Draft Japanese Defense Plan Urges Stronger Military

Global Security Newswire Staff
Add to Briefcase
See more stories about...
Global Security Newswire Staff
Dec. 11, 2013, 7:02 a.m.

The Ja­pan­ese gov­ern­ment on Wed­nes­day said the coun­try should boost its de­fense cap­ab­il­it­ies and be will­ing to be more mil­it­ar­ily act­ive abroad.

The draft of a new na­tion­al se­cur­ity strategy re­leased by the Shinzo Abe ad­min­is­tra­tion urged fos­ter­ing a tight­er mil­it­ary re­la­tion­ship with the United States and im­prov­ing Ja­pan’s mis­sile-de­fense cap­ab­il­it­ies, the New York Times re­por­ted. The pan­el of Abe-se­lec­ted ex­perts who wrote the new strategy said a more-cap­able mil­it­ary was needed in or­der to re­spond to the rising danger posed by North Korea’s nuc­le­ar work, as well as China’s re­cent “in­tru­sions” in­to mari­time ter­rit­ory over which Tokyo also claims sov­er­eignty.

Abe’s cab­in­et is an­ti­cip­ated to ap­prove the draft na­tion­al se­cur­ity strategy — as well as a new de­fense policy — next week, ac­cord­ing to Ja­pan­ese me­dia re­ports.

The new de­fense guidelines not­ably did not in­clude a re­com­mend­a­tion that Ja­pan ac­quire the mil­it­ary means to carry out at­tacks on hos­tile tar­gets, Re­u­ters re­por­ted.

Un­der Ja­pan’s cur­rent in­ter­pret­a­tion of its post-World War II con­sti­tu­tion, it is only al­lowed to use mil­it­ary force de­fens­ively. The hawk­ish Abe ad­min­is­tra­tion, though, wants to ex­pand the num­ber of scen­ari­os un­der which the Ja­pan­ese mil­it­ary can use force, such as in case of a North Korean mis­sile at­tack on U.S. bases in Guam where Ja­pan­ese mis­sile in­ter­cept­ors might be used to neut­ral­ize the threat.

“North Korea has re­peated con­duct that height­ens re­gion­al ten­sions,” the draft guidelines said. “Its nuc­le­ar and mis­sile de­vel­op­ment … rep­res­ent a grave and im­min­ent threat to our coun­try’s se­cur­ity.”

The not-yet-fi­nal­ized se­cur­ity strategy also re­com­mends that Tokyo re­lax its ban on weapons ex­ports.

Re­call­ing Ja­pan­ese ac­tions dur­ing World War II, both South Korea and China are leery of moves by Tokyo to ad­opt a more as­sert­ive re­gion­al mil­it­ary pres­ence.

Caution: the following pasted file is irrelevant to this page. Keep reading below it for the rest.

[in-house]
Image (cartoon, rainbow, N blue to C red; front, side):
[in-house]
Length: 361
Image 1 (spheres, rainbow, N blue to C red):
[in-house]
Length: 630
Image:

This art­icle was pub­lished in Glob­al Se­cur­ity News­wire, which is pro­duced in­de­pend­ently by Na­tion­al Journ­al Group un­der con­tract with the Nuc­le­ar Threat Ini­ti­at­ive. NTI is a non­profit, non­par­tis­an group work­ing to re­duce glob­al threats from nuc­le­ar, bio­lo­gic­al, and chem­ic­al weapons.

What We're Following See More »
Spicer Excludes NYT, CNN, BuzzFeed from Press Gaggle
11 hours ago
NRA Chief: Leftist Protesters Are Paid
12 hours ago
Trump Still on Campaign Rhetoric
14 hours ago
Trump Rails On Obamacare
15 hours ago

After spending a few minutes re-litigating the Democratic primary, Donald Trump turned his focus to Obamacare. “I inherited a mess, believe me. We also inherited a failed healthcare law that threatens our medical system with absolute and total catastrophe” he said. “I’ve been watching and nobody says it, but Obamacare doesn’t work.” He finished, "so we're going to repeal and replace Obamacare."

Trump Goes After The Media
15 hours ago

Donald Trump lobbed his first attack at the “dishonest media” about a minute into his speech, saying that the media would not appropriately cover the standing ovation that he received. “We are fighting the fake news,” he said, before doubling down on his previous claim that the press is “the enemy of the people." However, he made a distinction, saying that he doesn't think all media is the enemy, just the "fake news."


Welcome to National Journal!

You are currently accessing National Journal from IP access. Please login to access this feature. If you have any questions, please contact your Dedicated Advisor.